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Saturday, June 16, 2012

ABA: Only 55.2% of the Class of 2011 Have Full-Time Long-Term Legal Jobs

Law School Transparency:  Class of 2011 Legal Employment and Underemployment Numbers Are In, and Far Worse Than Expected:

Mister Hart, here is a dime. Take it, call your mother, and tell her there is serious doubt about you ever becoming a lawyer.
- Kingsfield, The Paper Chase

The ABA has released Class of 2011 job outcome data for all domestic ABA-approved law schools. The data are far more granular than ever before. Law School Transparency has analyzed the data and made the school-specific data available on its website for easy comparison.

The ABA data shed considerable light on how poorly the 2011 graduates fared. We can now say with certainty that the employment picture is far worse than previously reported. Only 55.2% of all graduates were known to be employed in full-time, long-term legal jobs. A devastating 26.4% of all graduates were underemployed.

Here are the Top 25 and Bottom 25 law schools ranked by the percentage of the Class of 2011 with full-time long-term legal jobs:

 

 

School (U.S News Rank)

Full-Time Job %

 School (U.S News Rank)

Full-Time Job %

1

Virginia (7)

94.7%

171.  Phoenix (Tier 2)

37.4%

2

Columbia (4)

94.1%

172.  Southern (Tier 2)

37.1%

3

Stanford (2)

91.1%

173.  CUNY (113)

36.9%

4

NYU (6)

90.1%

174.  Detroit (Tier 2) 

36.8%

5

Harvard (3)

90.1%

175.  Florida Coastal (Tier 2)

36.6%

6

Chicago (5)

88.2%

176.  Toledo (129)

36.5%

7

Yale (1)

87.8%

177.  N. Kentucky (Tier 2)

36.3%

8

Pennsylvania (7)

84.3%

178.  Pace (142)

36.0%

9

Duke (11)

82.1%

179.  American (49)

35.5%

10

G. Washington (20)

81.3%

180.  NY Law School (135)

35.5%

11

LSU (79)

81.3%

181.  Quinnipiac (113)

34.6%

12

UC-Berkeley (7)

80.0%

182.  Southwestern (129)

34.6%

13

St. Mary's (Tier 2)

78.3%

183.  New England (Tier 2)

34.4%

14

Alabama (29)

78.0%

184.  San Francisco (106)

34.2%

15

Northwestern (12)

77.0%

185.  Florida A&M (Tier 2)

34.2%

16

Cornell (14)

76.1%

186.  Ave Maria (Tier 2)

33.0%

17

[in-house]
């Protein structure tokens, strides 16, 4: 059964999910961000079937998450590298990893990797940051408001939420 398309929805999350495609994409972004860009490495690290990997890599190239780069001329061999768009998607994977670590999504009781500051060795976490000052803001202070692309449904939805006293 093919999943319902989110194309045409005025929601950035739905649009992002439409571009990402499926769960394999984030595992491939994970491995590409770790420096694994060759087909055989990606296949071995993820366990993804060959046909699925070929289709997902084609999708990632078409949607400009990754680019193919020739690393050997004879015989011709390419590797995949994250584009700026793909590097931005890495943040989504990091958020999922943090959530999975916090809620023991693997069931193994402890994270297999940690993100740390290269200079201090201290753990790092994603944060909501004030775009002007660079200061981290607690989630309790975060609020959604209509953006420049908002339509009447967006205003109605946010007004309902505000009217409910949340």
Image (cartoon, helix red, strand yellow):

Michigan (10)

75.5%

187.  La Verne (Tier 2)

32.8%

18

Mississippi College (Tier 2)

75.3%

188.  Western St. (Tier 2)

32.2%

19

Arizona (43)

75.3%

189.  Liberty (Tier 2)

31.1%

20

Vanderbilt (16)

73.7%

190.  Appalachian (Tier 2)

30.8%

21

Kentucky (62)

71.9%

191.  Western N.E. (Tier 2)

30.1%

22

Campbell (Tier 2)

71.4%

192.  T. Jefferson (Tier 2)

26.0%

23

Baylor (51)

70.1%

193.  Golden Gate (Tier 2)

22.0%

24

Texas (16)

69.9%

194.  D.C. (Tier 2)

20.5%

25

Florida State (51)

69.5%

195.  Whittier (Tier 2)

17.1%

Schools ranked in the U.S. News Top 35 with the largest underperformance in the full-time long-term legal job rankings:

  • - 86:  Boston University (26, 112)
  • - 82:  U. Washington (20, 102)
  • - 80:  Illinois (35, 115)
  • - 72:  Indiana-Bloomington (26, 98)
  • - 68:  Washington & Lee (24, 92)
  • - 60:  William & Mary (35, 95)
  • - 54:  UC-Davis (29, 83)
  • - 50:  Fordham (29, 79)
  • - 51:  Minnesota (19, 70)
  • - 49:  Washington U. (23, 72) 
  • - 41:  UCLA (15, 56)
  • - 37:  Georgetown (13, 50)
  • - 32:  Notre Dame (22, 54)
  • - 22:  USC (18, 40)

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Comments

This is very interesting, I wonder if this could become an alternative ranking system to rival the traditional one. My own school, Ohio State, is ranked quite a bit lower by this method (70s).

Posted by: Steven | Jun 16, 2012 1:06:41 PM

The problem with these statistics is that they don't count people who take policy jobs that don't require a JD but that having a JD gave them an advantage of their competition. So, for example, I suspect a lot of people who went to the D.C. area schools took policy jobs, which lowers the ranking of their school.

Posted by: A bit misleading | Jun 17, 2012 1:52:51 PM